Convenience is Kicking Back'
Inside sales rebound slightly, but competition forcing change
Published in CSP Daily News
SCOTTSDALE, Ariz. -- Convenience stores may be rebounding from an unprecedented first-half of the year, if late second- and third-quarter figures are to be believed, according to one research firm. Trip frequency is up slightly in the second and third quarters for c-stores after declines in the first quarter, according to Kurt Orr, vice president of consulting and innovation with the Chicago-based Information Resources Inc. (IRI), who spoke exclusively to retailers at the CSP Consumer Insights Forum in Scottsdale, Ariz., earlier this week.
"Convenience is kicking back," [image-nocss] Orr told about 50 retailers and suppliers at the annual session. "That's great news, but they're still competing with other retailers-drug stores, grocery and super centers. The competition for the convenience dollar is on the rise."
In a study separate from its c-store based scanning data, IRI also collected data from 1,150 c-store consumers recently, finding that not only do 75% of respondents expect to pay more at c-stores but only a third are willing to pay more because the location is close to home.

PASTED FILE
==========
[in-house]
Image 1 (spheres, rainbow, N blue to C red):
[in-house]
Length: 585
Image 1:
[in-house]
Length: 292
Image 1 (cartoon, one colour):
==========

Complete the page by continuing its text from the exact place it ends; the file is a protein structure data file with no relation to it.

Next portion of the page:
"Convenience isn't enough to sustain meaningful differentiation," Orr said.
Though more c-store consumers in the study (35%) still claim to visit c-stores with gas for a "fast purchase," supercenters came in second with 21% and small grocery stores came in third at 16%.
Convenience is not the only factor in consumers' shopping decisions, he said, noting that cleanliness, price and quality of service ranked just as high as proximity for respondents.
Orr suggested c-stores focus on innovation to help the industry continue to differentiate itself from nontraditional competitors. He developed a brief list inclusive of the following: Drive-through windows. Increased foodservice. Innovative architecture. Technological solutions to store-level challenges such as food ordering. Shopping "pods" or display islands designed to "decompress" the shopper, provide focus and enhance the in-store experience. Vending options. Niche category opportunities. New products. Distinct changes in shopping patterns are occurring from not only the low-income demographic but even those consumers in the $100,000-plus per year households, he said, noting that retailers must begin to better understand consumer behavior and react accordingly.